(CNN) – Lt. Gov. David Dewhurst of Texas is coming under some fire after using his name and position as he sought the release of a relative accused of shoplifting, all the while arguing she was arrested on a "mistaken charge."
The Allen Police Department on Wednesday released audio of a phone call from the lieutenant governor that took place at 10:30 p.m. on August 3.
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In the phone conversation, obtained by CNN affiliate WFAA in Dallas, the Republican asked how he can get his nephew's wife–who he says is "100% innocent"–out of jail.
"I want to talk to the most senior police officer you have where you are right now. My name is David Dewhurst, I'm the lieutenant governor of the state of Texas and you have incarcerated a- my sister-in-law," he said, though he also identified her as his step-sister's daughter-in-law.
Ellen Bevers, a 46-year-old school teacher, was arrested for allegedly stealing $57 worth of items from a grocery store. Dewhurst told a sergeant on the phone that he believes Bevers was checking out in an automatic line and the machine somehow didn't scan a bag of groceries, so it didn't go on her credit card.
"I've known this lady for 30 years of my life," Dewhurst said on the call. He added he's going to have a couple of top officials in the state call the police department to confirm Dewhurst's request.
"I would like to find out what I need to do to get her out of jail, post bond, whatever," he said, describing Bevers as the "sweetest woman in the world."
Dewhurst, who ran an unsuccessful bid for the U.S. Senate in the 2012 cycle, announced earlier this month he plans to run next year for re-election as lieutenant governor.
"I am, every year, the number one pick of all of the law enforcement agencies within Texas," he said on the call. "The number one pick. You don't know it, but I'm a supporter of you, and I'm a supporter of everybody in law enforcement."
"I want you to do whatever is the proper thing for this lady-who's not, I know in my heart, was not involved in an intentional walking-out and stealing $57," he added.
Repeatedly asking what he needs to do to get her out of jail as soon as possible, Dewhurst pledged to do "what's necessary to solve this."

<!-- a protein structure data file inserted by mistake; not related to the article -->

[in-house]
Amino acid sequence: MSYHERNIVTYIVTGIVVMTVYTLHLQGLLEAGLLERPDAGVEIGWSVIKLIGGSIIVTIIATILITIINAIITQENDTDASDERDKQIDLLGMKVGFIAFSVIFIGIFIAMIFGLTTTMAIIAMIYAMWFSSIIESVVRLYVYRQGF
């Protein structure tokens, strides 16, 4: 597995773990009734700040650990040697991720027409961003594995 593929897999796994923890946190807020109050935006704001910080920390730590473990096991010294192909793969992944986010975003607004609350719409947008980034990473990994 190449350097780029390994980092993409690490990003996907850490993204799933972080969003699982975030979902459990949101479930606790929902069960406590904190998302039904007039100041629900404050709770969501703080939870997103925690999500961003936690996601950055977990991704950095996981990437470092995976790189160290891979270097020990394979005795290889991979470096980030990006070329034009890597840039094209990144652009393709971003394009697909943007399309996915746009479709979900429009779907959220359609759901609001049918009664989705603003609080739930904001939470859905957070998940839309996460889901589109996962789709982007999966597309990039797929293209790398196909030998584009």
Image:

The sergeant explained that due to the classification of Bever's charge, she will be transported to the Collin County Sheriff's Office. There, he continued, she'll be arraigned and bond will be set, and that's where someone can post bond for her.
Dewhurst insisted he didn't want to "circumvent anything" and wanted to "follow the law," but argued "this is ridiculous" and asked for the cell phone numbers of the sergeant's supervisor, the county judge, and the sheriff.
"What do I need to in order to- Who do I need to talk to in order to facilitate-not facilitate-but to provide the bond or whatever that's necessary?" he asked.
The sergeant refused to hand over the numbers and gave him the number for the county sheriff's office.
"I know you've got instructions, and I appreciate law enforcement. But this is one of those situations where I just hate to see," he said, referring to what he believed as her innocence.
As the sergeant began to sign off, Dewhurst stopped him.
"Woah, woah, woah, sergeant, woah. When I call Collin County–she hasn't been booked in over there. What in the world do you expect me to say to them?"
The sergeant said Dewhurst can ask them if they have a set posted amount.
"That way you can contact a bondsman and get the process started," he said.
"Alright," Dewhurst replied. He then gave the sergeant his own cell phone number and repeated his name and title for a second time. "I intend to jump into this and see what can be done…But I may not be able to do anything, alright? It's whatever the law says."
He then thanked the sergeant for his time.
A spokesman for the lieutenant governor told The Texas Tribune that Dewhurst was acting out of concerned and was not attempting to go above the law.
"David acted as a concerned family member in an attempt to acquire information on how to post bail for his niece while reiterating multiple times in the full conversation that law enforcement follow their normal protocols and procedures," said Travis Considine, the spokesman for Dewhurst.
Sgt. Jon Felty, a spokesman for Allen Police Department, defended the sergeant who took the phone call, telling WFAA that he handled it "professionally."
"He knew who he was talking to, obviously, and he didn't handle it any differently than he would have for any other citizen," Felty said.
But the lieutenant governor is already taking heat over the call.
"Lt. Gov. Dewhurst has shown that he thinks he is beyond the rules and laws that govern regular Texans," Texas Democratic Party Chairman Gilberto Hinojosa said in a statement to WFAA. "He has further disrespected the office of the Lieutenant Governor."